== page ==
Fighting the P.1 variant
Brazil’s mismanagement of covid-19 threatens the world
Jair Bolsonaro has a lot to answer for
Sérgio Olímpio Gomes, better known as Major Olímpio, was a policeman who entered politics 15 years ago. In 2018 he managed the campaign in the state of São Paulo of Brazil’s current president, Jair Bolsonaro, and was elected to the national Senate. On March 18th this year he died of covid-19, aged 58. He is the third sitting senator to have died from the disease. Nearly 4% of the legislature’s upper house has perished in the pandemic.
That has brought home to the political class a shock that millions of Brazilians are now experiencing. The country is suffering a second covid wave far worse than the first. Its recorded death toll, averaging over 2,300 a day, is a quarter of the world’s total. This is despite the fact that Brazil has less than 3% of the world’s people.
The health system is in a state of “collapse” for patients with severe cases of covid-19, says a bulletin published on March 23rd by Fiocruz, a public-sector research institute. In 25 of the 27 states more than 80% of intensive-care beds are occupied. Eighteen states have shortages of drugs such as neuromuscular blockers, used when patients are put on ventilators. In six states oxygen supplies are dangerously low, according to the health ministry. The National Forum of Governors warns that shortages threaten to cause “a collapse within the collapse”.
Bahia, a state in Brazil’s north-east, is experiencing “pressure”, not complete failure, says its health secretary, Fábio Vilas-Boas. But that is bad enough. The number of patients needing oxygen has “exploded”. Some hospitals are treating covid-19 patients in emergency rooms because their intensive-care units (ICUs) are full.
Brazil’s second wave is thought to be mostly caused by a variant of the novel coronavirus, called p.1, which was probably born in the Amazonian city of Manaus. More contagious than the original, and able to reinfect people who have already had covid-19, p.1 has alarmed not just Brazil but the rest of the world. It has been detected in 33 countries. Some vaccines are less effective against p.1 than against other major variants of the virus in Europe and the United States.
The country’s neighbours are slamming shut their doors. Peru and Colombia stopped flights from the country. Just two of Brazilians’ top ten destination countries remain open to them. “If Brazil is not serious, then it will continue to affect all the neighbourhood there and beyond,” warned Tedros Adhanom Ghebreyesus, the head of the World Health Organisation.
But seriousness, like muscle blockers, is in short supply. Mr Bolsonaro has touted quack cures, railed against lockdowns and tried to thwart the publication of data. He has just bid farewell to the third health minister (an army general) since the pandemic began. Vaccines are not for him, Mr Bolsonaro has claimed. His government was slow to order them, even though manufacturers such as Pfizer and Janssen had tested them in Brazil.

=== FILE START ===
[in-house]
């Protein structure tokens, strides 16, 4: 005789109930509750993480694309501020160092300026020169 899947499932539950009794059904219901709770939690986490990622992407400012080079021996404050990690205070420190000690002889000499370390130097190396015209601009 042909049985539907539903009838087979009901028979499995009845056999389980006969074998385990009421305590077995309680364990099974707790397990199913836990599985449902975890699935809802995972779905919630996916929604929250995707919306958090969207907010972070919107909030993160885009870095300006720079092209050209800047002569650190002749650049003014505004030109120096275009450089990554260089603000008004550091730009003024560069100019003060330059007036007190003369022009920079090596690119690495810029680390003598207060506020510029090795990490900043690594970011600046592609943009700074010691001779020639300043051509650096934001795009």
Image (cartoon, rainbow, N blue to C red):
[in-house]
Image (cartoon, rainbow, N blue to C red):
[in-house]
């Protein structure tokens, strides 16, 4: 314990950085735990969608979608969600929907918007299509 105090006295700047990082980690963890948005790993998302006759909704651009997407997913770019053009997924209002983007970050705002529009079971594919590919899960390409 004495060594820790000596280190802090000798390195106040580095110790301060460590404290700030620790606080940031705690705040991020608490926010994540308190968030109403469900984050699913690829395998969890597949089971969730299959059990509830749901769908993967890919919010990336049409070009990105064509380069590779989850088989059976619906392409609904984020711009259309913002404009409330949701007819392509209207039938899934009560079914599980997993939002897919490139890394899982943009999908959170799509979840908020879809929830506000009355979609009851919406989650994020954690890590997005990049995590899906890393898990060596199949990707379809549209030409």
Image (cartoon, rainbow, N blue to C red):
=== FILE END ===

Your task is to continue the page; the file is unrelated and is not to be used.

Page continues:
Governors and mayors, who implement lockdowns, have largely followed the president’s lead. After clamping down at the beginning of the pandemic most quickly eased up. But even when restrictions are in place, Mr Bolsonaro’s rhetoric can scupper their enforcement. In Bahia’s poor neighbourhoods life has continued as normal, at least until very recently. “We can’t impose on those who live in favelas the obligation of being inside a hot small house,” says Dr Vilas-Boas. The state does not have enough police to ensure that bars stay closed.
That a variant like p.1 was born in Manaus comes as no surprise, says Natalia Pasternak, a microbiologist who leads Instituto Questão de Ciência, which advocates the use of science to shape policy. The city’s first wave was so severe that some thought it had reached herd immunity. Residents thronged riverside beaches at the first opportunity, giving p.1 a fast start in life. When it left the forest, other parts of the country made it equally welcome. Although Brazil does too little gene sequencing to know for sure how widely it has spread, studies in São Paulo state identify the variant in 80-90% of cases.
p.1 is frightening because it may be both more contagious than earlier versions and able to reinfect people. One study suggested that it could be up to twice as transmissible and could reinfect 25-61% of people who have had covid-19. p.2, a worrying variant from Rio de Janeiro, is also spreading.
The shock of the second wave is changing people’s behaviour. Governors and mayors are now tightening restrictions and people are obeying them more. From March 22nd a nightly curfew in Bahia begins at 6pm rather than 10pm. Bahians have recently cut in half the distance they travel, according to mobile-phone data. This is slowing covid-19’s spread. Dr Vilas-Boas estimates that the number of active cases in Bahia has dropped from 21,000 to 17,000. The number of patients waiting for beds in ICUs fell from 513 on March 12th to 280 ten days later.
This month the federal government finally agreed to buy Pfizer’s vaccine and the one-dose jab from Janssen. They will supplement the AstraZeneca and Chinese CoronaVac vaccines already being administered. Brazil has begun domestic production, too. Fiocruz has delivered its first homemade doses of AstraZeneca; the Butantan Institute in São Paulo has begun making CoronaVac. Some 8% of adults have had a first jab. “For the first time,” says Ms Pasternak, “I’m hopeful.”
On March 23rd, when the daily death toll reached a record 3,158, Mr Bolsonaro went on television to boast of Brazil’s vaccination progress. Yet as long as social distancing is needed the president will remain a menace to Brazilians’ health. He has filed suits in the Supreme Court against three states, including Bahia, that have tightened lockdowns. His actions are bad for Brazil—and for the world.